As a teen, I would visit my Uncle David’s house every other week or so. He was the only family member with a computer. It was an old, bulky monstrosity that ran whatever the latest version of Windows that existed at the time. It was one of my first introductions to dial-up, but my primary interest was not the internet. It was newsletters and home-printed magazines.
Like all members of my family, we are artists in one way or another. What little extra money many have is spent on creative pursuits. Uncle David’s latest passions at the time were in designing T-shirt logos and printing a family newsletter. Does anyone remember when those were still a thing? I was a kid in a whole new world. Of course, I followed suit and issued a few pamphlets covering the latest goings-on with my family to a circulation of maybe a dozen people.
This kick-started my foray into journalism and design during my adolescence. A family newsletter sounds far more interesting to me now, as an adult, than it did in those days. Somehow, I know I have reached the point where I can officially call myself old by saying that. But, I was coming of age at the turn of the millennium. My interests mostly revolved around video games. I wanted to create something that rivaled Nintendo Power from the comfort of my own home. I had access to a computer and printer; the dream was mine for the taking.
Unfortunately, I could not find any of my printed family newsletters to share. My gaming mag was a short-lived, two-issue venture. I am sure the staff, consisting of my younger sister and best friend, unionized and staged a revolt.
Throughout my life, I have always had it in the back of my mind that I would attempt another periodical at some point, but I have never gotten around to it. However, when Newsletter Glue co-founder Lesley Sim asked me to look at the pro version of her team’s plugin, all those old ideas started swirling around in my head again.
After spending the last few days tinkering with Newsletter Glue Pro, I kind of want to restart the family newsletter again. Maybe digital is the way to go. Perhaps I can even get my uncle to join me.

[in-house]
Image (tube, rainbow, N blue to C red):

Admittedly, I have had a lot more fun with this plugin than with others recently. It is the sort of extension that can take a potential newsletter from idea to execution.
All you need is to be familiar with the WordPress editor to kick-start a new project. The plugin has a few settings you might want to tinker with, but the onboarding process walks you through the steps of getting everything off the ground and connecting to your preferred email software. I was worried that there would be a massive learning curve, but I was in the editor in short order.
Users can publish blog posts as newsletters. However, the team introduced a dedicated newsletter post type earlier this year, providing more flexibility in creating content.
What I enjoyed the most about Newsletter Glue was its integration with the block patterns API. The plugin bundles several header and footer patterns, but end-users can build and store their own for reuse.
The plugin did have its share of issues. The most prominent was its automatic switching to the fullscreen editor, which is a feature that I turn off on every WordPress site I use. For some reason, this either did not save or was being overwritten each time I loaded the page.
I am also not a fan of the meta box at the bottom of the screen. It is giving me flashbacks of the pre-5.0 WordPress editor that I would like to forget. The team should create a dedicated sidebar panel for the newsletter screen.
With its reliance on the modern editor, this holdover from an older time just feels out of place. Plus, from a UI perspective, there seems to be nothing requiring the old meta box system.
I would also like to see the built-in Newsletter theme designer integrate with the active theme’s JSON presets. This is a relatively new WordPress feature, so maybe it will land on the features list.
Because this is a standardized format, there is no reason that plugins should not start pulling data from it. As a user, I should at least be able to pick and choose text, background, and link colors from those made available through the theme instead of hunting down hex codes or eyeballing it from a color picker.
Overall, I like what the Newsletter Glue team has built thus far. It is no small feat to put together such a well-rounded project of this size in just over a year. I look forward to seeing it evolve over time. For now, I am laying out ideas for the return of my family newsletter thanks to the Newsletter Glue team.